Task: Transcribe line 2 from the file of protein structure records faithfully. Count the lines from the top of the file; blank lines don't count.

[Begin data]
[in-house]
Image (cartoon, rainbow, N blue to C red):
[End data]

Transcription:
Image (cartoon, rainbow, N blue to C red):